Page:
Elspeth Brown is an Associate Professor of History at the University of Toronto, where her research concerns the history and theory of photography; modern American cultural history; queer and trans* history; and the history of US capitalism. She is the author of award-winning The Corporate Eye: Photography and the Rationalization of American Commercial Culture, 1884-1929 (Johns Hopkins 2005) and Sexual Capital: A Queer History of Modeling, 1909-1983 (forthcoming, Duke University Press). She has co-edited two volumes: Feeling Photography (Duke University Press, 2014; Thy Phu, co-editor) and Cultures of Commerce: Representation and American Business Culture, 1877-1960 (Palgrave, 2006). Brown currently directs the The LGBTQ Oral History Digital Collaboratory, a five-year digital history and oral history research collaboration that connects archives across Canada and the United States to produce a collaborative digital history hub for the research and study of gay, lesbian, queer, and trans* oral histories (http://lgbtqdigitalcollaboratory.org). She is a founding member of the Toronto Photography Seminar (http://www.torontophotographyseminar.org).
Associate Professor, Western University
Kelly Wood is a photographer and practicing artist whose research focuses on subjects that relate to the environmental impact of waste accumulation, waste economies, and all forms of visible and invisible pollution. She is currently involved in the collective project Visualizing the Invisible: see more at http://www.visualinvisible.com/index.html. She is also a member of the research collective The Toronto Photography Seminar (http://www.torontophotographyseminar.org). Her photography has been broadly exhibited in Canada at the Canadian Museum of Contemporary Photography; the Art Gallery of Ontario; The Power Plant; the Musée des beaux-arts de Montréal; the Vancouver Art Gallery; and the Morris and Helen Belkin Gallery. Her work has been shown internationally at the Akademie der Kuenste, Berlin; Museum Van Hedendaagse Kunst Antwerpen, Antwerp; Fotoinstituut, Rotterdam; and Artspace in Sydney, Australia. artist's website: http://the-woods.org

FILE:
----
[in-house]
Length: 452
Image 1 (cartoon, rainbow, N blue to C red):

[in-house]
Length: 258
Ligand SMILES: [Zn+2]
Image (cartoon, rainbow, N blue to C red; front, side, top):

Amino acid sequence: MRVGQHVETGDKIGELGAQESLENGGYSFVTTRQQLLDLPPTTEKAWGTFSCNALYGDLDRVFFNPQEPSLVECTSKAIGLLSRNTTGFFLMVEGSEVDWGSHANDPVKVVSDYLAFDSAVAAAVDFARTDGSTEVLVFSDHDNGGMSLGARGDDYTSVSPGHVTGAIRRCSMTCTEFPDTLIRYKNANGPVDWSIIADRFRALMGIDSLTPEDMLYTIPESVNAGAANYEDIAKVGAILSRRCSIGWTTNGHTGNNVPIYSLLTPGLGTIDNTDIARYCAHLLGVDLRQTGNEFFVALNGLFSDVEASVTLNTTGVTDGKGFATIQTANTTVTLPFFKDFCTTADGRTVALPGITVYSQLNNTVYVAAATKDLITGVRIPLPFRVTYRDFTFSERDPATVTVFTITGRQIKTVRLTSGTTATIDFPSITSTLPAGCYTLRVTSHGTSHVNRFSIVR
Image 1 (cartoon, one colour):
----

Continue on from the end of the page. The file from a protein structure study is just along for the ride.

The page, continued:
Assistant Curator - Royal Ontario Museum
Jennifer Orpana is currently Assistant Curator at the Royal Ontario Museum, where she is working with Dr. Deepali Dewan and The Family Camera Network to establish a public archive of family photographs and oral histories at the museum. She was a member of the curatorial team for The Family Camera exhibition (ROM & AGM, 2017), and was recently a co-instructor for OCADU's graduate course: "Digital Futures: Family Camera at the ROM." In 2015, Jennifer completed a PhD in Art & Visual Culture at Western University and her SSHRC-funded research focused on community-engaged photography projects in the context of urban neoliberalism. Her writing has been published in RACAR and Fuse Magazine, and she recently co-edited a Photography & Culture issue on family photographywith Sarah Parsons (July 2017). Jennifer has also worked in Education, Outreach, and Development at the Art Gallery Ontario, the National Ballet of Canada, and Soulpepper Theatre Company.
Celio Humberto Barreto Ramos
Research / Technical Assistant - The Family Camera Network
Celio is a Media Preservation and Collections Management specialist, assisting in the collection, processing and preservation of The Family Camera Network's archive materials. He has recently earned his M.A. in Film+Photographic Preservation and Collections Management from Ryerson University. His thesis focuses on Meiji Period Japanese photographs and their connections to Edwardian Canada. He has a background in interdisciplinary art making, multimedia production, exhibition curation, international arts planning and gallery operations management.
Digital Consultant - The Family Camera Network
Julienne Pascoe is the Lead Metadata Architect at Canadiana.org and instructor in the graduate course Digital Applications for Collections Management in the F+PPCM program at Ryerson University. A recent graduate from the Digital Stewardship Certificate program at Simmons College (Boston), her focus is on developing access and preservation strategies for digital and cultural heritage resources. Previous positions include Collections Information Assistant, Art Gallery of Ontario and Special Collections Technician at Ryerson Archives and Special Collections.
Digital Archivist - CLGA
Lucie Handley-Girard recently graduated with a Masters of Information in Archives and Records Management from the University of Toronto. Some of her interests lie in the performative potential of archives, community archives, the politics of representation, and how archives can be conceptualized as spaces for activism, resistance, identity formation, and grounding.